VCAT hearings during coronavirus restrictions
In response to the coronavirus (COVID-19) pandemic, we have changed the way we hear cases so we can continue to provide this essential service to the Victorian community.
VCAT is still accepting applications that fall within our jurisdiction. Existing application time limits are still relevant.
Stage 4 restrictions
All Victorian courts and tribunals, including VCAT, are 'Permitted Work Premises' during the new business and industry Stage 4 restrictions. VCAT will remain open to hear urgent and priority cases.
All VCAT hearings are held by phone or videoconference. Cases that are currently listed over the next six weeks have been decided by the President to be urgent or priority cases and will be held.
VCAT will let parties know if there is any change to their case. Unless we tell you, you should assume your case will go ahead according to any notices or information that you have previously been given – there is no need to contact VCAT to check on your case.
Hearings listed on or after 18 May 2020
From 18 May, VCAT will only conduct hearings – where it is possible for them to proceed – using phone or videoconference. If we decided that your case can only proceed face-to-face, it will be postponed (adjourned) to a later date.
VCAT will contact parties to confirm whether they will attend on the scheduled date either by phone or videoconference.
The technology used will depend on the requirements of the matters such as their length, complexity and the number of parties.
Matters that can be decided ‘on the papers’ will continue to be determined in that way.
Mediations conducted by VCAT mediators will resume.
Email all documents before your hearing
Any documents you will use in your phone or videoconference hearing, must be emailed to VCAT and all parties 48 hours before your hearing to avoid your hearing being delayed.
If your hearing has been postponed
Where possible, matters previously adjourned as a result of the coronavirus (COVID-19) pandemic will be rescheduled for hearing, if they can proceed using telephone or videoconference. We are managing the backlog of cases.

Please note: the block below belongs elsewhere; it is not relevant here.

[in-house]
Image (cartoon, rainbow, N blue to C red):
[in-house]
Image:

VCAT will contact parties to advise new dates to attend VCAT.
What happens if you miss your hearing
VCAT will inform you of your allocated hearing time in advance. If you cannot make this time you should request a change of hearing date. If you miss the hearing for your case, the member may make a decision and create orders in your absence.
Help and support
My case is being heard by phone or videoconference, what is the process?
VCAT will contact you to let you know the scheduled time for the hearing.
A phone hearing or videoconference is no different to a hearing in person, so ensure you are in a quiet location and have any relevant paperwork at hand.
Find out more information about what to expect on hearing day.
If you want more information or need to tell us about an alternative number or party name, call 1300 01 8228.
Make sure you check upcoming hearings to keep up to date with your hearing time. Due to capacity issues, we may not be able to remind you when your upcoming hearing is.
How to join a videoconference on Zoom
I'm experiencing financial hardship. How can I ask for a rent reduction?
VCAT suggests you contact your landlord via your agent (where applicable) to discuss what options may be available to you.
If you're experiencing difficulties visit Consumer Affairs Victoria for further information.
Is VCAT still accepting new cases?
You can still apply about any matter that falls in VCAT's jurisdiction.
Can I still ask for a summons for a person to attend a hearing?
We can issue a summons at your request. The person summonsed will be required to attend the hearing, give evidence or produce documents.
Temporary regulations made in response to the coronavirus (COVID-19) pandemic have brought changes to the way in which a person can respond to a summons. A person summonsed may attend a VCAT hearing by audio or audio-visual link, and may deliver summonsed documents to VCAT electronically (eg. by email).